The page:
i wrote to a friend today about the holiday season:
as cynical as we all can be about the modern world we live in, and as cheesy as it may be to write about this-
i am really happy that there are different instruments playing holiday songs every day in the lobby of my office downstairs. there is a harp today, playing with a violin and flute. yesterday there was a string quartet. pachelbel canon almost made me cry, a little.
in the tunnels there are carolers. and singers. and jazz guitarists.
sometimes i know it’s hard to believe that this tradition still exists, and maybe we can make fun of it a little, but i am so happy during this time of year. everyone says hi to each other, and is cheerful, and talks about presents, and their kids, and their families. people wear their ugly christmas sweaters and santa hats. we share chocolate, cookies, hot cocoa. my coworker has Linus’s Christmas tree on her desk. there is that buzz in the air, that words can’t describe. some combination of happiness, hope, excitement…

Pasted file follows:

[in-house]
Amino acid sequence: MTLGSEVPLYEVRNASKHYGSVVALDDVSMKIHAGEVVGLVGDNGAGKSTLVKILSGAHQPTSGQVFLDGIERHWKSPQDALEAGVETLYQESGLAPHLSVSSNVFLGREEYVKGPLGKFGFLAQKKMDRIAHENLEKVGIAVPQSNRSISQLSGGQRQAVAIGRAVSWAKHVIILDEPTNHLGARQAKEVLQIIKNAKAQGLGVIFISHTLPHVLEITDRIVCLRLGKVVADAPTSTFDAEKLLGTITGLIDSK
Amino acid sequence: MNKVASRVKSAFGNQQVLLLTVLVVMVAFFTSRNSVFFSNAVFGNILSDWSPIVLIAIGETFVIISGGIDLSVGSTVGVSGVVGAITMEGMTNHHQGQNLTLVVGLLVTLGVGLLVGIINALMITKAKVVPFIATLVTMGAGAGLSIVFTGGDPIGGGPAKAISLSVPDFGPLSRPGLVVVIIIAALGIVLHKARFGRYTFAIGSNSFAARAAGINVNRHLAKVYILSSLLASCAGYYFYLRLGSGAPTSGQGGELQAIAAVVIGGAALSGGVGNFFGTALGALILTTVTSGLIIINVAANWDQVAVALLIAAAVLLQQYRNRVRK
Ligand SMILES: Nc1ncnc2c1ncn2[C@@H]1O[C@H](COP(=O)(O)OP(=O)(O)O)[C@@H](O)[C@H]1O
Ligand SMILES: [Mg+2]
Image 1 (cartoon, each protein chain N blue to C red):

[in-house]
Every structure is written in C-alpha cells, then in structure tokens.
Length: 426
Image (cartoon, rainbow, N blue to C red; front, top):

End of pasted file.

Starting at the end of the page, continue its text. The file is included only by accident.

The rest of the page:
it moves me so much to be around so much cheer. i keep thinking, what if we practiced this attitude all year? one of anticipation, one of gratitude, one of closeness, one of commonality and community. wouldn’t the world be a better place?
honestly, i can think of a hundred cynical ways to retort to myself about this, but really. everyone’s attitude is so authentic that it just makes me smile.
on a somewhat related note, Amanda (you can find her here and here) sent this to me today. Vienna Teng, one of my overall favorite musical artists, continues to exhibit authenticity in everything she does. The video is inpsiring. i relate to it, and think about how this past week i tried to explain to someone the feeling of letting go when you dance, and also that dance changed (and saved) my life.
“Humanity may let you down; you may let yourself down,” Teng says. “That’s not important at the end of the day. What’s important is that you have a sense of possibility, that you can look around and be amazed at how far we have come, even though we have farther to go.”